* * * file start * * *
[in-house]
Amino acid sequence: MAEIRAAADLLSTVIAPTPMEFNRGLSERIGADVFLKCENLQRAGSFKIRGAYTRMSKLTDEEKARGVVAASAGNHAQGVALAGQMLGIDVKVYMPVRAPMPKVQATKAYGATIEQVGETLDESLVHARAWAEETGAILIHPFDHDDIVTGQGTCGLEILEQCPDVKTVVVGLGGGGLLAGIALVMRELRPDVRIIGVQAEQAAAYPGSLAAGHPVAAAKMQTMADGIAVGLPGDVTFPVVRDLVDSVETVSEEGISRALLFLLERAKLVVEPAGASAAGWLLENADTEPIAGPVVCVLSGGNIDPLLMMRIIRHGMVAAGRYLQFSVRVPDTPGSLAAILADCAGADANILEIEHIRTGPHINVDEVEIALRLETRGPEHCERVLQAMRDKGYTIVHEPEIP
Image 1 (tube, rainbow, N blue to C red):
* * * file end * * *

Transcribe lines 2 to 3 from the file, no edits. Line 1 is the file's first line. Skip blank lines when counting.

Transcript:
Amino acid sequence: MAEIRAAADLLSTVIAPTPMEFNRGLSERIGADVFLKCENLQRAGSFKIRGAYTRMSKLTDEEKARGVVAASAGNHAQGVALAGQMLGIDVKVYMPVRAPMPKVQATKAYGATIEQVGETLDESLVHARAWAEETGAILIHPFDHDDIVTGQGTCGLEILEQCPDVKTVVVGLGGGGLLAGIALVMRELRPDVRIIGVQAEQAAAYPGSLAAGHPVAAAKMQTMADGIAVGLPGDVTFPVVRDLVDSVETVSEEGISRALLFLLERAKLVVEPAGASAAGWLLENADTEPIAGPVVCVLSGGNIDPLLMMRIIRHGMVAAGRYLQFSVRVPDTPGSLAAILADCAGADANILEIEHIRTGPHINVDEVEIALRLETRGPEHCERVLQAMRDKGYTIVHEPEIP
Image 1 (tube, rainbow, N blue to C red):